THE SAFFORD VALLEY GRIDS

THE SAFFORD VALLEY GRIDS

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Crisscrossing Pleistocene terrace tops and overlooking the Gila River in southeastern Arizona are acres and acres of rock alignments that have perplexed archaeologists for a century. Well known but poorly understood, these features have long been considered agricultural, but exactly what was cultivated, how, and why remained a mystery. Now we know. Drawing on the talents of a team of scholars representing various disciplines, including geology, soil science, remote sensing, geographical information sciences (GISc), hydrology, botany, palynology, and archaeology, the editors of this volume explain when and why the grids were built. Between A.D. 750 and 1385, people gathered rocks from the tops of the terraces and rearranged them in grids of varying size and shape, averaging about 4 meters to 5 meters square. The grids captured rainfall and water accumulated under the rocks forming the grids. Agave was planted among the rocks, providing a dietary supplement to the maize and beans that were irrigated on the nearby bottom land, a survival crop when the staple crops failed, and possibly a trade commodity when yields were high. Stunning photographs by Adriel Heisey convey the vastness of the grids across the landscape.
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Product details

  • Paperback | 170 pages
  • 215.39 x 279.91 x 12.19mm | 553.38g
  • Tucson, United States
  • English
  • w. numerous figs. and maps (some col.).
  • 0816524289
  • 9780816524280

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Crisscrossing Pleistocene terrace tops and overlooking the Gila River in southeastern Arizona are acres and acres of rock alignments that have perplexed archaeologists for a century. Well known but poorly understood, these features have long been considered agricultural, but exactly what was cultivated, how, and why remained a mystery. Now we know. Drawing on the talents of a team of scholars representing various disciplines, including geology, soil science, remote sensing, geographical information sciences (GISc), hydrology, botany, palynology, and archaeology, the editors of this volume explain when and why the grids were built. Between A.D. 750 and 1385, people gathered rocks from the tops of the terraces and rearranged them in grids of varying size and shape, averaging about 4 meters to 5 meters square. The grids captured rainfall and water accumulated under the rocks forming the grids. Agave was planted among the rocks, providing a dietary supplement to the maize and beans that were irrigated on the nearby bottom land, a survival crop when the staple crops failed, and possibly a trade commodity when yields were high. Stunning photographs by Adriel Heisey convey the vastness of the grids across the landscape.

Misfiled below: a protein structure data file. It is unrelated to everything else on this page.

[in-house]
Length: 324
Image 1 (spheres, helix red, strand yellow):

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About Erich W Zimmerman Regents Professor in Geography William E Doolittle PH.D.

William E. Doolittle is the Erich W. Zimmermann Regents Professor in Geography and the Chairman of the Department of Geography at The University of Texas at Austin and author of Cultivated Landscapes of Native North America. James A. Neely is Professor Emeritus of Anthropology and Archaeology at The University of Texas at Austin and the author of several publications on water management and irrigation in the American Southwest, Pueblo and Oaxaca in Mexico, and the Deh Luran Plain of Iran.
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